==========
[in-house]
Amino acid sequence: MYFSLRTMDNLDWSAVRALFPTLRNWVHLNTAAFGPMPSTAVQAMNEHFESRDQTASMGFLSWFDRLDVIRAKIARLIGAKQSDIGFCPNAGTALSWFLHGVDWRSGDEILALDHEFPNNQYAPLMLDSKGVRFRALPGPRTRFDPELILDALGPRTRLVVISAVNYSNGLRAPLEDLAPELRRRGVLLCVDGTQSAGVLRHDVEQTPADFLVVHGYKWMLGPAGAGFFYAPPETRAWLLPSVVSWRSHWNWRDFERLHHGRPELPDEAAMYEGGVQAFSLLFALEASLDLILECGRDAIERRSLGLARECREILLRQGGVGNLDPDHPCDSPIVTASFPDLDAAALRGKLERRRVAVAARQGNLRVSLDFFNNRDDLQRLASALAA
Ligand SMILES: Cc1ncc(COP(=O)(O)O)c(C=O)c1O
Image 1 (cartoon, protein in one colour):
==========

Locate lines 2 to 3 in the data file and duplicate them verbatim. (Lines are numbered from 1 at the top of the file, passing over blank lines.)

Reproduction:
Amino acid sequence: MYFSLRTMDNLDWSAVRALFPTLRNWVHLNTAAFGPMPSTAVQAMNEHFESRDQTASMGFLSWFDRLDVIRAKIARLIGAKQSDIGFCPNAGTALSWFLHGVDWRSGDEILALDHEFPNNQYAPLMLDSKGVRFRALPGPRTRFDPELILDALGPRTRLVVISAVNYSNGLRAPLEDLAPELRRRGVLLCVDGTQSAGVLRHDVEQTPADFLVVHGYKWMLGPAGAGFFYAPPETRAWLLPSVVSWRSHWNWRDFERLHHGRPELPDEAAMYEGGVQAFSLLFALEASLDLILECGRDAIERRSLGLARECREILLRQGGVGNLDPDHPCDSPIVTASFPDLDAAALRGKLERRRVAVAARQGNLRVSLDFFNNRDDLQRLASALAA
Ligand SMILES: Cc1ncc(COP(=O)(O)O)c(C=O)c1O